Expense Audit
March 8, 2018

The most notorious expense report scandals of the last 20 years

Josh Anish

Expense reports seem a mundane fraction of reality; all we have to do is lay out work expenses, itemize and submit them, and get reimbursed. Yet for a small subset of folks, the expense report story isn’t so straightforward.

In fact more than a few careers have been derailed by expense report malfeasance, here are the most prominent of the mistepping bunch.

Last month, news broke that Veteran Affairs Secretary David Shulkin misrepresented the facts on his expense reports to accommodate his wife on a trip to Europe. Allegedly, his chief of staff altered his expenses at his request to purport that the Secretary would receive some sort of award in Denmark, so that his wife’s $4300 plane ticket would be paid by the government. No such award was ever received.

UCLA head men’s basketball coach Jim Harrick, just 12 months after winning the Bruins’ 11th national basketball championship, was dismissed in 1996 for falsifying receipts on his expense reports. Two of his players broke NCAA rules by attending a dinner with a recruit at Harrick’s behest; apparently Harrick then attempted to hide their presence by itemizing the dinners as those purchased by the wives of assistant coaches (who weren’t there) on his next expense report.

Andy Miller, the former CEO of Polycom, didn’t directly create false changes on his expense reports. Instead, he lived a lavish lifestyle that he documented on his expenses, but only internally. The problem, of course, is that Miller and Polycom had a fiduciary responsibility to properly report the CEO’s spending habits. In 2012, Miller racked up $115,000 in personal expenses charged to Polycom, despite publicly filing that he received less than $35,000 in perks that year. By the summer of 2013, he was forced to resign.

In 2014, a Department of Highways employee named Steven Hull embarked upon a brazen scheme. He began filing expense reports claiming that he spent several weeks a year in hotels across West Virginia, presumably for professional reasons. Investigators later found those reports to be totally fabricated; Hull wasn’t staying in hotels at all. In fact, he was renting an apartment that set him back a total of $18,144 during a 2.5-year period, the same time span in which he claimed $70,563.14 in hotel reimbursements on his expense reports.

Academics aren’t immune to expense report fraud, either. Chinese national Xi Ning was a leading roboticist simultaneously employed by the University of Hong Kong, Michigan State University, and the Institute of Electrical and Electronics Engineers. And since most people don’t have three salaried positions, Ning was able to (temporarily) take advantage of the situation and live a lavish lifestyle while billing two (or even all 3) institutions for the same expenses. Xi didn’t skimp on the brainpower allocated to his scheme; investigators are alleging more than $400K of expense report fraud over a 5-year period spread across the three schools.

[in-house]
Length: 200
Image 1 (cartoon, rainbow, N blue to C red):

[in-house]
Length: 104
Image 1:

Bad actors will often exploit loopholes in T&E policies to fatten their wallets as well. At the end of last decade, England was rocked by an expose published by The Daily Telegraph highlighting the laxity of Parliament’s back office policies. Apparently numerous MPs were taking advantage of a loophole entitled The Second Homes Allowance which gave members requiring two homes—one in London, and one back with their constituencies—a potential $36,000 grant. A handful of MPs opaquely conflated their first and second homes on expense reports to get portions of the grant as reimbursement for non-essential work done on both houses. Needless to say, this behavior did not go over well with the people of the UK, suffering through a particularly difficult recession at the time.

This quick look into notorious expense report malfeasance reveals a few patterns. The most glaring is a lack of oversight, usually in the form of managers unable (or unwilling) to monitor what their employees are claiming on their reports. The other insight concerns loopholes exploited by employees looking to capitalize on the margins of the rules. Fear that something similar is going on in your organization? Give AppZen’s automated audits a try today.